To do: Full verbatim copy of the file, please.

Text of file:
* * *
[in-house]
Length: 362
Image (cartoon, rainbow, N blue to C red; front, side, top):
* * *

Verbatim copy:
[in-house]
Length: 362
Image (cartoon, rainbow, N blue to C red; front, side, top):